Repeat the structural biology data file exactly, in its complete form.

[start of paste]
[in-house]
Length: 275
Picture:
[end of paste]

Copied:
[in-house]
Length: 275
Picture: